By Lord Karan Bilimoria CBE DL
President of the Confederation of British Industry (CBI)
FOR all the promise that 2021 holds, those hoping for immediate respite from the pain of the past 12 months will have a bit longer to wait.
With significant increases in transmission, and particularly a new variant of the virus emerging, the UK government’s recent announcement of tougher restrictions was as predictable as it was essential.
While businesses recognise the unenviable position the government finds itself in, it’s undoubtedly a bitter pill to swallow as they continue to do everything in their power just to stay afloat.
In the immediate term, we must put the health of our citizens first. That is beyond dispute. While businesses will continue to step up in the national interest to support the NHS, employees and customers in the weeks ahead, maintaining steadfast support for firms during this painful period will help ensure the recovery is delayed for as short a time as possible – as well as protecting vital jobs and firms that still teeter on the brink.
That’s why it was encouraging to see the chancellor move swiftly once again to provide additional support. With demand evaporating at breakneck speed, news of more, direct grants will provide some relief to eligible companies’ cashflow, especially in some of the hardest-hit sectors.
Yet, with the effects of a third lockdown impacting firms across the economy, there are other steps that can be taken to help bridge the all-important economic recovery phase.
Two things spring immediately to mind. Extending the job retention scheme to end of the second quarter would provide firms with a clear line of sight, assisting planning and investment. And removing the business rate relief cliff-edge in March would create much-needed breathing space, particularly if combined with re-examining the case for VAT deferrals.
Aside from tackling the pandemic, 2021 presents an opportunity to take stock of our approach to the economy and create a new British model of competitiveness outside the European Union.
The Brexit process was long and at times bruising. In some specific ways – including for the 80 per cent of our economy represented by services – it remains far from over. But that doesn’t mean we should show any less ambition. Our newfound status means that we must also be wary of diverging for the sake of it, and instead opt for the sustainable and inclusive growth the country needs. We must think bigger by taking a long view of how the UK can thrive in the global economy and work backwards from there.
We must also do better to address key challenges. Inequality remains a blight that must be solved, and one which has deepened in 2020. That means delivering a levelling up agenda that goes far beyond transport infrastructure, and truly international competitiveness strategies for our regions and nations. It means dynamic business sectors in each and every region.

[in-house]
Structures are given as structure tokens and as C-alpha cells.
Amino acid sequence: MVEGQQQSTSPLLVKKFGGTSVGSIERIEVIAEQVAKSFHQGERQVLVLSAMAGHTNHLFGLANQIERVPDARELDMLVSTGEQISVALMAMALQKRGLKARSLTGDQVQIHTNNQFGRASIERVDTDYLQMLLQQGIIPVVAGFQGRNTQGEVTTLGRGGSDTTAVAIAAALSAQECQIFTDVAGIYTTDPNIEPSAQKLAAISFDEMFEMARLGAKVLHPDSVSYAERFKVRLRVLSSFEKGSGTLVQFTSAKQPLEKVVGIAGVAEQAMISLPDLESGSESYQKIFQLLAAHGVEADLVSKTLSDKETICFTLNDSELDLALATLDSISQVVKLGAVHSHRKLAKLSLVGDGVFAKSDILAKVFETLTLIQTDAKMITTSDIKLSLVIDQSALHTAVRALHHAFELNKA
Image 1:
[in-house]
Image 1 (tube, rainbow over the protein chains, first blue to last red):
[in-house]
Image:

With many of our innovation success stories concentrated in London and the south-east, the need to share prosperity across all parts of the country has never been more important.
But it’s not just where people live that matters. We need to start delivering results on diversity too. Beyond the compelling moral imperative to deliver real, lasting and immediate change, there is also a robust commercial case for taking action. British companies can realise the huge economic potential of both diverse customer bases and talent pools.
Winners on this agenda will take all the prizes and Britain can be a role model here too, and that’s why I am wholly committed to the Change the Race Ratio campaign we launched last year.
Whatever happens in 2021, we can be sure that a new Britain will emerge. One that is outward looking, ambitious and set to compete to compete for the next decade. The same key traits of clear-headedness, pragmatism and fairness that have held British business in such high esteem for generations are needed now as we enter a new era for the country.
Yes, we must continue to brace in the coming weeks and months ahead, but the overwhelming sense of relief that will greet us when we finally beat the virus will be worth waiting for. And those efforts are already well underway, thanks to a rigorous vaccine approvals process that has shown what can be achieved when academia, business and government work together.
While the new year may not have started with the good news we all hoped for, let me say this clearly. The end is in sight. The vaccine rollout is now underway, mass rapid testing is increasing, and a brighter future is within our reach.
With the UK set to host the important G7, B7 and COP26 summits this year, we have a unique opportunity to demonstrate our resolve, our leadership and our competitiveness to a waiting world.
How we stood together, found common purpose and looked out for one another during the pandemic will stand us in good stead as we embrace the challenges and opportunities that lie ahead.